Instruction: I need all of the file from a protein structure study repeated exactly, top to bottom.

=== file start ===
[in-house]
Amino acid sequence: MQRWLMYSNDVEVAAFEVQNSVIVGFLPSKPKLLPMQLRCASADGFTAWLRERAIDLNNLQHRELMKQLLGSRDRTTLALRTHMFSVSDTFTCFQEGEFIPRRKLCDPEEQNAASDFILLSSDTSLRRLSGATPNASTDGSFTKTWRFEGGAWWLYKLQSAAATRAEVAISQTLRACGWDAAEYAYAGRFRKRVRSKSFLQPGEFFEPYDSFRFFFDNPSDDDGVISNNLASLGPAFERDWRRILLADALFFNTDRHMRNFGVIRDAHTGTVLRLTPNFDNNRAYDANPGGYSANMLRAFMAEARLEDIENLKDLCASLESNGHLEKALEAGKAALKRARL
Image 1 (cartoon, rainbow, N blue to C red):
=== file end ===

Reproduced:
[in-house]
Amino acid sequence: MQRWLMYSNDVEVAAFEVQNSVIVGFLPSKPKLLPMQLRCASADGFTAWLRERAIDLNNLQHRELMKQLLGSRDRTTLALRTHMFSVSDTFTCFQEGEFIPRRKLCDPEEQNAASDFILLSSDTSLRRLSGATPNASTDGSFTKTWRFEGGAWWLYKLQSAAATRAEVAISQTLRACGWDAAEYAYAGRFRKRVRSKSFLQPGEFFEPYDSFRFFFDNPSDDDGVISNNLASLGPAFERDWRRILLADALFFNTDRHMRNFGVIRDAHTGTVLRLTPNFDNNRAYDANPGGYSANMLRAFMAEARLEDIENLKDLCASLESNGHLEKALEAGKAALKRARL
Image 1 (cartoon, rainbow, N blue to C red):